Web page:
Report on Tengger Caldera (Indonesia) — October 2012
Bulletin of the Global Volcanism Network, vol. 37, no. 10 (October 2012)
Managing Editor: Richard Wunderman.
Tengger Caldera (Indonesia) Modest April 2011 eruption at Bromo followed by increasing tremor
Please cite this report as:
Global Volcanism Program, 2012. Report on Tengger Caldera (Indonesia). In: Wunderman, R (ed.), Bulletin of the Global Volcanism Network, 37:10. Smithsonian Institution. http://dx.doi.org/10.5479/si.GVP.BGVN201210-263310.
7.942°S, 112.95°E; summit elev. 2329 m
All times are local (unless otherwise noted)
This report discusses Bromo’s behavior during April 2011 to early October 2012, an interval of ongoing seismicity. The Bromo cone, located within the Tengger caldera, has erupted repeatedly since about the year 1590. Under normal conditions in recent decades, Bromo emits a white, sulfurous, diffuse-to-dense vapor plume reaching heights of about 75-150 m above the rim. Observations of Bromo are carried out both visually and with instruments. Visual observation is aided by a closed circuit TV (CCTV) camera. A seismic station incorporates both analog and digital recordings. Observations of deformation are carried out with one tiltmeter station.
Our last report on Bromo (BGVN 36:03) presented activity through March 2011, which could be differentiated into largely Strombolian phases accompanied by little ash and variable levels of degassing, and phases during which significant amounts of ash were released (Roscoe, 2011). Strombolian phases were sometimes accompanied by powerful shockwaves, often after short periods (10-30 seconds) of complete calm (Roscoe, 2011).
During most of April 2011, the Bromo cone was relatively quiet until 27 April when the Darwin Volcanic Ash Advisory Centre (VAAC) reported an ash plume rising to an altitude of ~4.3 km and drifting ~75 km WSW. From 1-10 May the Center of Volcanology and Geological Hazard Mitigation (CVGHM) reported white-to-gray ash plumes rising ~400-600 m above the crater and drifting ENE, and incandescence emanating from the crater. On 2 May the Darwin VAAC reported that a significant ash plume rose to an altitude of ~3 km and drifted ~75 km N. Based on analyses of satellite imagery, the Darwin VAAC again reported that during 9-10 May ash plumes from Bromo rose to an altitude of ~2.7 km and drifted 45-75 km NE and E. During 11-20 May white-to-gray ash plumes rose ~200-400 m above the crater and drifted E.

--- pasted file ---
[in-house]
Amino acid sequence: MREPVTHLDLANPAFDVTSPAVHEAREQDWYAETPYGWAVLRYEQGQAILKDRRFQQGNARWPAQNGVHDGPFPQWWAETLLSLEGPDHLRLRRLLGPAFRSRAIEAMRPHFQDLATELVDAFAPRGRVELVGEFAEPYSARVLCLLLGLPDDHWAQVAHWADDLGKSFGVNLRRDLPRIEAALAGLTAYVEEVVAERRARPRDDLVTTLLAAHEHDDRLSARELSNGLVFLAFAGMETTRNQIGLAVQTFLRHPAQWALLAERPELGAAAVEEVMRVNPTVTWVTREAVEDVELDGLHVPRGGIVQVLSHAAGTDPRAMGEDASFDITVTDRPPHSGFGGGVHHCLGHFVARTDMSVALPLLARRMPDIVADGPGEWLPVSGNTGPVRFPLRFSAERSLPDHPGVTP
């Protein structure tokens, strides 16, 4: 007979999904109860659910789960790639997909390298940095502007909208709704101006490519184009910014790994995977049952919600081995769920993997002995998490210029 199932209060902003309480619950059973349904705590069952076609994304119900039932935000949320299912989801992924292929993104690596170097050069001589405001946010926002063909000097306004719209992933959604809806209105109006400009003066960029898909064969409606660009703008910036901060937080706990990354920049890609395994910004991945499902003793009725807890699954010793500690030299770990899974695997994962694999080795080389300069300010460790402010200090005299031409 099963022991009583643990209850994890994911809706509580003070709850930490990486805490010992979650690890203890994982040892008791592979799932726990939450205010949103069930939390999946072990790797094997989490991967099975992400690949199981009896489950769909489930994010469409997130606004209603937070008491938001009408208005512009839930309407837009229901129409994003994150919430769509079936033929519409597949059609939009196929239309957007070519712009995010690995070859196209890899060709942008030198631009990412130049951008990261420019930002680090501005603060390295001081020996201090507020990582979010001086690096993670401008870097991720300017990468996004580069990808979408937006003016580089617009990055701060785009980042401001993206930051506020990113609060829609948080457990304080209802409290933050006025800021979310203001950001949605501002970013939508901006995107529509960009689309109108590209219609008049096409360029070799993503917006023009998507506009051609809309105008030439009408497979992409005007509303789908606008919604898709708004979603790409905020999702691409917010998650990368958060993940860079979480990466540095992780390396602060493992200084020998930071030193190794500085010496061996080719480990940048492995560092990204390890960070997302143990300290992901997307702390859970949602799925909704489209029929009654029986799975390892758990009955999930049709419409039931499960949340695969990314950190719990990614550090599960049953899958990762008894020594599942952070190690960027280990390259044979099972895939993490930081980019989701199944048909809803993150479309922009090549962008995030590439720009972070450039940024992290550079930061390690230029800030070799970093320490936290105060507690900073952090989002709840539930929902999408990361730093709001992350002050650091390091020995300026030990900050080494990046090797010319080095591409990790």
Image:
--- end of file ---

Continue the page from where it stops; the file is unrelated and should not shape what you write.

Ash plumes continued to rise from the crater during 1-13 June, reaching heights of ~100-200 m above the crater and drifting E. Ash fell in areas within 2 km to the E and NE during May and June. On 13 June the Alert Level was lowered to 2 (on a scale of 1-4). During the rest of 2011 Bromo was quiet.
From 1 January-29 March 2012 CVGHM reported that white plumes from the Bromo cone rose ~50 m above the crater; background seismicity declined. On 30 March the Alert Level was lowered to 1. This modest activity continued until 1 September when diffuse white plumes from the Bromo cone rose 50 m above the crater. During 1-28 September 2012, the following seismic events were recorded: 6 deep volcanic, 1 shallow volcanic, and 57 long-distance tectonic earthquakes. Tremor continued with a maximum amplitude of 0.5 mm. From 29 September to 1 October 2012 continuous tremor was recorded, reaching a maximum amplitude of 11 mm. The dominant reading was 0.5 mm.
Seismicity increased on 1 October, and during 1-3 October a sulfur odor was occasionally noted at the Bromo Observation Post. On 2 October 2012, continuous tremor reached a maximum amplitude of 11 mm with a dominant reading of 7 mm. On 3 October the tremor rose continuously, reaching 22 mm. Accordingly, on 3 October the Alert Level was raised to 2.
Reference. Roscoe, R., 2011, Bromo Volcano (Tengger Caldera), Photovolcanica, 86 photographs, Updated 21 August 2011, Accessed 21 November 2012 (URL: http://www.photovolcanica.com/VolcanoInfo/Bromo/Bromo.html).
Geologic Background. The 16-km-wide Tengger caldera is located at the northern end of a volcanic massif extending from Semeru volcano. The massive volcanic complex dates back to about 820,000 years ago and consists of five overlapping stratovolcanoes, each truncated by a caldera. Lava domes, pyroclastic cones, and a maar occupy the flanks of the massif. The Ngadisari caldera at the NE end of the complex formed about 150,000 years ago and is now drained through the Sapikerep valley. The most recent of the calderas is the 9 x 10 km wide Sandsea caldera at the SW end of the complex, which formed incrementally during the late Pleistocene and early Holocene. An overlapping cluster of post-caldera cones was constructed on the floor of the Sandsea caldera within the past several thousand years. The youngest of these is Bromo, one of Java's most active and most frequently visited volcanoes.
Information Contacts: Center of Volcanology and Geological Hazard Mitigation (CVGHM), Jalan Diponegoro 57, Bandung 40122, Indonesia (URL: http://vsi.esdm.go.id/); Darwin Volcanic Ash Advisory Centre (VAAC), Bureau of Meteorology, Northern Territory Regional Office, PO Box 40050, Casuarina, NT 0811, Australia (URL: http://www.bom.gov.au/info/vaac/).